From the Tuolumne winter rangers —
Wildlife: We had quite the wildlife sighting last Friday, as we got to watch a pine marten (a large member of the weasel family) try to catch a White-tailed Jackrabbit during the height of the snowstorm. The scene seemed to unfold in slow motion, as neither animal was able to move very fast due to all the deep new snow. We watched for about 20 minutes as the rabbit tried to outrun the marten by sprinting back and forth across the open meadow in front of the ranger station, dodging in and out of the tree line along the meadows edge. The rabbit probably realized that there was no place it could hide to escape the much smaller weasel, its only chance of escape was to try to outrun it. So back and forth across the open ground the rabbit went, with the marten following about 20-30 feet behind. The marten seemed to have trouble seeing the all-white rabbit in the blowing snow, and it had to stop every minute or so to try to figure out which way the rabbit had gone. The rabbit would rest during these short breaks in the action, then take off again once the marten picked up its trail and resumed the chase. Eventually the rabbit had made so many criss-crossing trails in the new snow that the marten got confused as to which one was the most current, and the saga ended with the rabbit heading off to the east and the marten heading west- going the wrong way along one of the rabbits previous trails through the snow.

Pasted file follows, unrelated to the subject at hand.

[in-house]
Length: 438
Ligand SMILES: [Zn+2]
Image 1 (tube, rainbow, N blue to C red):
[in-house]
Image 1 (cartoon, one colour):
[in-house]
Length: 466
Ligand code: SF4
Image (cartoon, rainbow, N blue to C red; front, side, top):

Most of the wildlife was lying low this week waiting for the storm to abate, but we did see some birds including: Mountain
Chickadee, Brown Creeper, Red-breasted Nuthatch, White-breasted Nuthatch, Hairy Woodpecker, Townsend’s Solitaire,
Clark’s Nutcracker, and Common Raven.
TUOLUMNE MEADOWS – WINTER CONDITIONS UPDATE — January 9, 2008
Weather: (January 3 through January 9) High temp: 38° Low temp: -4° New Snow: 59” Total settled snow depth: 55” as of January 9
Ski Conditions and Weather: Like most of the rest of the west coast, Tuolumne saw huge amounts of precipitation this past week with nearly 6 feet of new snow. The snow started out warm and wet, with temperatures in the mid-30’s falling to the mid-teens as the storm progressed. This has resulted in a nice firm snowpack, which has made the skiing quite nice despite the huge amount of new snow that has buried the area. Trail breaking is not bad, we are only sinking down into the snowpack 6-12 inches in most places.
Avalanche and Snowpack Conditions: For the latest avalanche advisory for this area go to www.esavalanche.org for the Eastern Sierra Avalanche Center and click on advisory. The ESAC site is updated several times a week and more often during weather events. With 6 feet of new snow containing nearly 5 inches of water, a lot of weight has been dumped on top of the previous snowpack in a short period of time- one of the classic “watch out” situations for avalanches. There were also high ground-level winds (close to 60 MPH), mostly out of the northwest, measured by some of the nearby automated weather stations- another of the classic signs of increasing avalanche danger. These winds could have added even more weight and instability to the snowpack on leeward slopes.